By Pam Martens: December 17, 2013
So much for political labeling. Yesterday, a Federal Court judge appointed by George W. Bush upheld the public’s right to reasonable searches in a court case challenging the Orwellian phone snooping practices of the Obama administration, a President who rode into office on the promise of hope and change and his record as a former civil rights attorney and constitutional law professor.
While not yet ruling on the merits of the case, Judge Richard Leon made it quite clear to the government where he stands. Judge Leon granted the motion for an injunction to two of the plaintiffs, Larry Klayman and Charles Strange, but placed the injunction on hold pending the outcome of the government’s appeal. He warned the government, however, to prepare its spy programs for the potential of his ruling being upheld by the Appellate Court, writing that he might institute sanctions if the government came back to his court asking for more time to comply with his order months down the road.
Judge Leon spent a good deal of time in his decision explaining the details of the phone spying system, where the government identifies a “seed,” or a potential terrorist target, and then creates a metadata dragnet encompassing potentially millions of phone records of innocent bystanders. Judge Leon wrote: “When an NSA intelligence analyst runs a query using a ‘seed,’ the minimization procedures provide that query results are limited to records of communications within three ‘hops’ from the seed. The query results thus will include only identifiers and their associated metadata having a direct contact with the seed (the first ‘hop’), identifiers and associated metadata having a direct contact with first ‘hop’ identifiers (the second ‘hop’), and identifiers and associated metadata having a direct contact with second ‘hop’ identifiers (the third ‘hop’).”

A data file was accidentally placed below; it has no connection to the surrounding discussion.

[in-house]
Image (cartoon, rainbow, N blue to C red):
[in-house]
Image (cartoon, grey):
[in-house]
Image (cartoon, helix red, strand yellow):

The Judge explains in a footnote that it’s “easy to imagine the spiderweb-like reach of the three-hop search growing exponentially and capturing even higher numbers of phone numbers.” The Judge used the hypothesis that the “seed” called his local Domino Pizza. The numbers calling in to that number in a five year period would be enormous. Under the government’s practice, that would be the second hop. Then each of the numbers calling into Domino’s Pizza over the past five year period could have their own phone records searched as well (third hop), resulting in millions and millions of innocent people being searched.
In presenting his determination that Federal courts have jurisdiction to review the constitutionality of these otherwise secret programs of the U.S. Government, Judge Leon wrote: “Where, as here, core individual constitutional rights are implicated by Government action, Congress should not be able to cut off a citizen’s right to judicial review of that Government action simply because it intended for the conduct to remain secret by operation of the design of its statutory scheme. While Congress has great latitude to create statutory schemes like FISA, it may not hang a cloak of secrecy over the Constitution.”
In reaching the finding that “Plaintiffs are likely to succeed on the merits of their Fourth Amendment claim,” Judge Leon reasoned that the government’s collection of telephony metadata does indeed constitute a “search,” that is protected under the Fourth Amendment’s mandate that any such governmental “search” be reasonable. The Judge said there is a “significant likelihood” that the plaintiffs will succeed in showing that the searches were “unreasonable.”
The premise of the Fourth Amendment is that a search, to be reasonable, must have a connection to a specific crime. Indiscriminate searches of tens of millions of pieces of metadata with no specific crime in mind would “offend” the Fourth Amendment, according to the ruling.
Judge Leon wrote: “I cannot imagine a more ‘indiscriminate’ and ‘arbitrary invasion’ than this systemic and high-tech collection and retention of personal data on every single citizen for purposes of querying and analyzing it without prior judicial approval.”
“Rather, the question that I will ultimately have to answer when I reach the merits of this case someday is whether people have a reasonable expectation of privacy that is violated when the Government, without any basis whatsoever to suspect them of wrongdoing, collects and stores for five years their telephony metadata for purposes of subjecting it to high-tech querying and analysis without any case-by-case judicial approval. For the many reasons set forth above, it is significantly likely that on that day, I will answer that question in plaintiffs’ favor.”